Donald Trump's campaign has roiled the primary contests for president, forcing politicians and pundits alike to sort out what's going on in 2016. On Meet the Press, Mitt Romney continued to make the case that a Trump nomination would be bad for the party and bad for the country.
"Let me put it plainly: If we Republicans choose Donald Trump as our nominee, the prospects for a safe and prosperous future are greatly diminished," said Romney, the party's 2012 nominee.
Romney delivered a blistering speech against Trump on Thursday, prompting Meet the Press host Chuck Todd to ask Romney about his comments on Trump's business record. Four years ago, Romney had spoken positively of his record when accepting Trump's endorsement for president.
"Were you just sort of saying something you had to say four years ago in order to accept his endorsement?" Todd asked.
PolitiFact wanted to see if Romney had actually changed his views. So we put Romney's comments on our Flip-O-Meter to see. (The Flip-O-Meter doesn't judge whether such a change is good or bad; it only looks at whether a change has actually occurred.)
We found Romney said very different things about Trump's track record in 2016 and 2012. His change of position rates a Full Flop on the Flip-O-Meter.
Here's what he said last week:
"But wait, you say, isn't he a huge business success that knows what he's talking about? No, he isn't. His bankruptcies have crushed small businesses and the men and women who worked for them. He inherited his business, he didn't create it. And what ever happened to Trump Airlines? How about Trump University? And then there's Trump Magazine and Trump Vodka and Trump Steaks, and Trump Mortgage? A business genius, he is not."
Here's what Romney said in 2012 at a news conference in Las Vegas with Trump at his side:
"Being in Donald Trump's magnificent hotel and having his endorsement is a delight. I'm so honored and pleased to have his endorsement. ... Donald Trump has shown an extraordinary ability to understand how our economy works to create jobs for the American people. He's done it here in Nevada. He's done it across the country. ... I spent my life in the private sector. Not quite as successful as this guy. But successful nonetheless."
Romney's comments in Las Vegas are less specific than what he said in 2016. He never singled out specific business ventures, other than the hotel where the endorsement event was being held.
When we contacted Romney's office for comment, they pointed us to remarks Romney has made in other recent interviews. Romney's message seemed to be that he was focusing on the positive part of Trump's business history in 2012 and giving a more detailed, nuanced recounting in 2016.
"Oh, let me tell you, this is a guy if we look at the past, this is a guy who was very successful and made a lot of money for himself," Romney said in an interview this weekend on Fox News Sunday. "But at the same time, take a very close look and look how many small people he crushed along the way and how many failures he had."
Still, we see his comments four years apart as being fundamentally different in their message.
While Republicans like Romney are concerned about Trump, others have noted that the GOP contest is bringing voters to the polls, with Republicans turning out in much larger numbers than Democrats.
That doesn't necessarily mean Republicans will have an advantage in the fall, said conservative New York Times columnist David Brooks.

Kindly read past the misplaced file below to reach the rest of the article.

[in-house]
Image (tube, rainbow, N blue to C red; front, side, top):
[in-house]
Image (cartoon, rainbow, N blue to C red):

"There's no correlation between primary turnout and wins in the fall in the last 11 elections," Brooks said on Meet the Press.
Brooks' statement rates True.
It's important to note that not all 11 presidential cycles had competitive primary contests on both sides.
Primary turnout was low in five elections simply because one party's nomination was locked up by incumbent presidents, and thus not predictive of general election results.
In the six elections where there were contests on both sides, the party with the higher primary voter turnout won the popular vote just three times. In 1976, 1992 and 2008, Democratic primary turnout surpassed that of the GOP nominating race, and the Democratic candidates won the general election.
In the other three elections, more votes in the primary didn't lead to more votes in the general.
About 6 million more votes were cast for the Democratic nomination in 1980, but Republican Ronald Reagan won by about 8.5 million votes in the general election. Similarly, in 1988, Democratic turnout was almost double that of GOP turnout in the primaries, but George H.W. Bush won the election with about 7 million more votes. And in 2000, about 3 million more voters turned out for the Republican primary, but George W. Bush lost the popular vote to Al Gore. (Bush won the Electoral College and hence the presidency.)
Democratic turnout this election cycle may be lower because the contest between Hillary Clinton and Bernie Sanders is simply not as competitive or diverse as the Republican race.
Exit polls show that the vast majority of voters in the Democratic primary are satisfied with either Clinton or Sanders, pointed out Michael McDonald, a University of Florida political science professor.
"On the Republican side, 50 percent or less say that," McDonald said, pointing out that some are casting ballots in the GOP primary to vote against a candidate as much as they're there to vote for one. "Voters see stark differences between the candidates, and they're not as happy if the opposing candidate would win."
Overall, though, more votes in the primaries may not mean much in what will be a highly competitive general election, according to McDonald.
Read the full fact-checks at PolitiFact.com.